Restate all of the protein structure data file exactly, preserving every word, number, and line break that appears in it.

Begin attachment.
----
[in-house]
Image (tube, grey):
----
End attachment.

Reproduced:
[in-house]
Image (tube, grey):